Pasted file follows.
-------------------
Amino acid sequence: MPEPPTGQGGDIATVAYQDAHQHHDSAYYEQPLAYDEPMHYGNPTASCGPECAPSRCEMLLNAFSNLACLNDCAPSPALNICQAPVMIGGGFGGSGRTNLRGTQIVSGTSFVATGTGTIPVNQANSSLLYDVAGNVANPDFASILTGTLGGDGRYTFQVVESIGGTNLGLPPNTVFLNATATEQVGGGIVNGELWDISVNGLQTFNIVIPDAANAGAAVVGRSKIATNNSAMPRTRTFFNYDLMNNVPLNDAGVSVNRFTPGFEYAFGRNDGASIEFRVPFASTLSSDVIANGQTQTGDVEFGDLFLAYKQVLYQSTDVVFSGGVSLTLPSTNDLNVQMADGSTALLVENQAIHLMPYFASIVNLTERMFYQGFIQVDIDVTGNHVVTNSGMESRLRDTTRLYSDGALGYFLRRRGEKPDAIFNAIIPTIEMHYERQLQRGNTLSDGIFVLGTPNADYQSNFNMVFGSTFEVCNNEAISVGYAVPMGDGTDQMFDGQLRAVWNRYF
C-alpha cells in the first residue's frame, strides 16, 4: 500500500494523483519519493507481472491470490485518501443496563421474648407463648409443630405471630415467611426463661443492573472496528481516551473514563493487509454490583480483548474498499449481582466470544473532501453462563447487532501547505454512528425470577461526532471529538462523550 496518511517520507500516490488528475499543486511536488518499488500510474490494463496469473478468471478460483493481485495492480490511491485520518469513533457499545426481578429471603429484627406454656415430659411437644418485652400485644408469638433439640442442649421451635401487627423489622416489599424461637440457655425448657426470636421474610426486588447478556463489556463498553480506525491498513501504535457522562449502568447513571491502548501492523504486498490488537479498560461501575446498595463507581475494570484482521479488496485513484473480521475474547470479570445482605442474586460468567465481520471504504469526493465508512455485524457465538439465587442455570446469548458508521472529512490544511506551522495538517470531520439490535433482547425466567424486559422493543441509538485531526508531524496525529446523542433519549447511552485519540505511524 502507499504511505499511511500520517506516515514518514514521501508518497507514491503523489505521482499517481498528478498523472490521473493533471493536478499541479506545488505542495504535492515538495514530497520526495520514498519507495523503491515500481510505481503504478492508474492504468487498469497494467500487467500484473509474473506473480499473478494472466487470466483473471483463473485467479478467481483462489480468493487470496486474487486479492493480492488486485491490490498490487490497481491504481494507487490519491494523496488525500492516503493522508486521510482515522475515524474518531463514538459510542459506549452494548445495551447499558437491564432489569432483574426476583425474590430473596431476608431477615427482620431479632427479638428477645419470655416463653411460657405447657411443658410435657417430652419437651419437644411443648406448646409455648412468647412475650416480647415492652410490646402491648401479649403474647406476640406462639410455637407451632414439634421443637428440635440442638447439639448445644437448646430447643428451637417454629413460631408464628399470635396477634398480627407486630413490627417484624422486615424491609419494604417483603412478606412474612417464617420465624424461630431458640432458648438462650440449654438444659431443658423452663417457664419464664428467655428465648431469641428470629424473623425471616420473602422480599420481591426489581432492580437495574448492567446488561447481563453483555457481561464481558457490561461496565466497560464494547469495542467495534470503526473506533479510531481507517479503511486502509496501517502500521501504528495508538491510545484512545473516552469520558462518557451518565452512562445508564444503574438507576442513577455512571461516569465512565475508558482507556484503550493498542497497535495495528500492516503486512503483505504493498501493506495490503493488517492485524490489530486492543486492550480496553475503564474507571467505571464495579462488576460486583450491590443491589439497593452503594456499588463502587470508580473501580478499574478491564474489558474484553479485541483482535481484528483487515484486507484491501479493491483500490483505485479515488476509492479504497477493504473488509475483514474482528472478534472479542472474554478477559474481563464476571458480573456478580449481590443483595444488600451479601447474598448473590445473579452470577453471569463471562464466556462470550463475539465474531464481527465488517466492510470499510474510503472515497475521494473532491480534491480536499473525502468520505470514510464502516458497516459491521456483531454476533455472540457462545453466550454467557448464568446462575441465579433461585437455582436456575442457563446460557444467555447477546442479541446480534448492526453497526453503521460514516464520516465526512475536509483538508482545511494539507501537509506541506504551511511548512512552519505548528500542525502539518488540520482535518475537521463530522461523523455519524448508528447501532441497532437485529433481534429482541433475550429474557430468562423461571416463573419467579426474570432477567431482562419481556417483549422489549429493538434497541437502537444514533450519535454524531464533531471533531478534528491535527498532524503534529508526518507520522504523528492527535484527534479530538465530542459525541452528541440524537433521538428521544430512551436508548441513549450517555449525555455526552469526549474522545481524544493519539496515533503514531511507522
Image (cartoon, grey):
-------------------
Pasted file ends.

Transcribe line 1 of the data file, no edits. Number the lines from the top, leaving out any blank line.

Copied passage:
Amino acid sequence: MPEPPTGQGGDIATVAYQDAHQHHDSAYYEQPLAYDEPMHYGNPTASCGPECAPSRCEMLLNAFSNLACLNDCAPSPALNICQAPVMIGGGFGGSGRTNLRGTQIVSGTSFVATGTGTIPVNQANSSLLYDVAGNVANPDFASILTGTLGGDGRYTFQVVESIGGTNLGLPPNTVFLNATATEQVGGGIVNGELWDISVNGLQTFNIVIPDAANAGAAVVGRSKIATNNSAMPRTRTFFNYDLMNNVPLNDAGVSVNRFTPGFEYAFGRNDGASIEFRVPFASTLSSDVIANGQTQTGDVEFGDLFLAYKQVLYQSTDVVFSGGVSLTLPSTNDLNVQMADGSTALLVENQAIHLMPYFASIVNLTERMFYQGFIQVDIDVTGNHVVTNSGMESRLRDTTRLYSDGALGYFLRRRGEKPDAIFNAIIPTIEMHYERQLQRGNTLSDGIFVLGTPNADYQSNFNMVFGSTFEVCNNEAISVGYAVPMGDGTDQMFDGQLRAVWNRYF